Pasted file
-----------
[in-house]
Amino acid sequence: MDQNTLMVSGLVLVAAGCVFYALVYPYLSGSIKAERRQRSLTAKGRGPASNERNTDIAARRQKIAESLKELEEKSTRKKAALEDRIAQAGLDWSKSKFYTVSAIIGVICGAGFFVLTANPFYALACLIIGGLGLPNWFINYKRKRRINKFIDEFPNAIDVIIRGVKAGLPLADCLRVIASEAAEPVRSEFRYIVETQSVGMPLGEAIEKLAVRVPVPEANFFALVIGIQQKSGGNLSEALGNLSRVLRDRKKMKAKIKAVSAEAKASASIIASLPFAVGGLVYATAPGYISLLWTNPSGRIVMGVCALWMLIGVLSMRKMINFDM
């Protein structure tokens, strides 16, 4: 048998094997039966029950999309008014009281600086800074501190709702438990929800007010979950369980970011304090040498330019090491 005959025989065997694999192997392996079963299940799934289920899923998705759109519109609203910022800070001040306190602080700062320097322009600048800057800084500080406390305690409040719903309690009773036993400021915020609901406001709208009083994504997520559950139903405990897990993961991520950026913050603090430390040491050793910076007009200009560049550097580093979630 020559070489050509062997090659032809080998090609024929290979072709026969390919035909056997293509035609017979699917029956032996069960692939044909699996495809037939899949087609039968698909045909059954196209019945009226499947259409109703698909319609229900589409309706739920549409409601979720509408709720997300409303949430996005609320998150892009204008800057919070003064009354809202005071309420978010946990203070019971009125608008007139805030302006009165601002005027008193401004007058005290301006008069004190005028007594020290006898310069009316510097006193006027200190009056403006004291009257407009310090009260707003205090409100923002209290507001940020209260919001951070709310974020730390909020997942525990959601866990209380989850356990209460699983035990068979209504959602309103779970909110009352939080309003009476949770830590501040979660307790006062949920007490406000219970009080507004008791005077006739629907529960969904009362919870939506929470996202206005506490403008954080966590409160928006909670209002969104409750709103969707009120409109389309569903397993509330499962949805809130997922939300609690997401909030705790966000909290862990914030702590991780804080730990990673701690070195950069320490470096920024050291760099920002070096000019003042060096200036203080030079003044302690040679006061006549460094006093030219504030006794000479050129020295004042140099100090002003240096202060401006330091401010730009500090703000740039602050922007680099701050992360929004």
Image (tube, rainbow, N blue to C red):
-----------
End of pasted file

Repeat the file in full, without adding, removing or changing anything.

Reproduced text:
[in-house]
Amino acid sequence: MDQNTLMVSGLVLVAAGCVFYALVYPYLSGSIKAERRQRSLTAKGRGPASNERNTDIAARRQKIAESLKELEEKSTRKKAALEDRIAQAGLDWSKSKFYTVSAIIGVICGAGFFVLTANPFYALACLIIGGLGLPNWFINYKRKRRINKFIDEFPNAIDVIIRGVKAGLPLADCLRVIASEAAEPVRSEFRYIVETQSVGMPLGEAIEKLAVRVPVPEANFFALVIGIQQKSGGNLSEALGNLSRVLRDRKKMKAKIKAVSAEAKASASIIASLPFAVGGLVYATAPGYISLLWTNPSGRIVMGVCALWMLIGVLSMRKMINFDM
């Protein structure tokens, strides 16, 4: 048998094997039966029950999309008014009281600086800074501190709702438990929800007010979950369980970011304090040498330019090491 005959025989065997694999192997392996079963299940799934289920899923998705759109519109609203910022800070001040306190602080700062320097322009600048800057800084500080406390305690409040719903309690009773036993400021915020609901406001709208009083994504997520559950139903405990897990993961991520950026913050603090430390040491050793910076007009200009560049550097580093979630 020559070489050509062997090659032809080998090609024929290979072709026969390919035909056997293509035609017979699917029956032996069960692939044909699996495809037939899949087609039968698909045909059954196209019945009226499947259409109703698909319609229900589409309706739920549409409601979720509408709720997300409303949430996005609320998150892009204008800057919070003064009354809202005071309420978010946990203070019971009125608008007139805030302006009165601002005027008193401004007058005290301006008069004190005028007594020290006898310069009316510097006193006027200190009056403006004291009257407009310090009260707003205090409100923002209290507001940020209260919001951070709310974020730390909020997942525990959601866990209380989850356990209460699983035990068979209504959602309103779970909110009352939080309003009476949770830590501040979660307790006062949920007490406000219970009080507004008791005077006739629907529960969904009362919870939506929470996202206005506490403008954080966590409160928006909670209002969104409750709103969707009120409109389309569903397993509330499962949805809130997922939300609690997401909030705790966000909290862990914030702590991780804080730990990673701690070195950069320490470096920024050291760099920002070096000019003042060096200036203080030079003044302690040679006061006549460094006093030219504030006794000479050129020295004042140099100090002003240096202060401006330091401010730009500090703000740039602050922007680099701050992360929004």
Image (tube, rainbow, N blue to C red):